But there were more surprises left for him. Daljeet Singh now opened a locked chest and took out a small wooden box, the size of a cigarette packet decorated beautifully with Kashmiri work from outside and inside of it in a red velvet cloth lay two big khaki coloured buttons that looked like the buttons of some old coat. Daljeet took the buttons in hand and said, “Saheb, these two buttons are very precious to me.” Animesh took the buttons in hand and looked carefully. The two old buttons with four holes in each look a bit older and no one uses this type of button now. There is nothing astonishing in these two buttons. Animesh looked curiously at Daljeet Singh.

Daljeet said, “Sir, these are not common buttons but these are the buttons of Netaji’s uniform.” Animesh smiled and said, “Are you crazy, you must be joking.”

Daljeet said, “don’t you believe? Then listen, my uncle was a soldier in the British army. In February 1942 at Singapore, he was fighting against the Japanese but was captured and made a prisoner of war by the Japanese. In 1943 when Netaji formed Azad Hind Fauj, with all other Indian soldiers he also joined the Azad Hind Fauj. While staying at Rangoon, one day my uncle was on sentry duty at Netaji’s office. In the evening a Havildar came with a shirt and asked my uncle to get the two upper buttons of Netaji’s uniform stitched properly from the tailor so that it fits in the correct position, as tomorrow Netaji will be inspecting and addressing the soldiers at the parade ground. The tailor removed the two upper buttons from the uniform and stitched new buttons. My uncle then requested the tailor to give him those two buttons. Since then the buttons were with him. After he expired the precious buttons are with me now.”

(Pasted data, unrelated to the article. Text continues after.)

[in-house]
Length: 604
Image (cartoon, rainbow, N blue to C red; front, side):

With a dilemma of belief and disbelief, Animesh touched the buttons once again and now he felt that he was getting thrilled, his hairs are frizzy. He is touching the buttons of Netaji’s uniform which someday must have been fixed by Netaji himself. These feelings are something great which can not be expressed.

Animesh came to consciousness with the voice of Daljeet Singh, “ Sir, the photos you see are my god and these buttons are my Kohinoor.”

Animesh said, “ Yes, you are lucky to have these precious things.”

When Animesh reached the Dhaba the other Sardarjis asked, “ Sir, did Daljeet show you the buttons of Netaji’s uniform? … Just don’t believe it, …. he is a mad person”.

Animesh in curiosity asked, “ do you mean his uncle was not in INA?”

They replied togetherly, “ No, No! We didn’t mean that. His uncle was a soldier of Azad Hind Fauj, but whether those buttons are of Netaji is doubtful.”

Animesh didn’t prolong the discussion and sat in his car. While driving he thought whether the buttons are of Netaji’s uniform or not doesn’t matter but the love and respect for Netaji by a simple truck driver beats the glorified dignity of many scholars and so-called Netaji’s followers.

About the Author:

Achinta Sutradhar loves to write poems and stories, lives in Kolkata, India.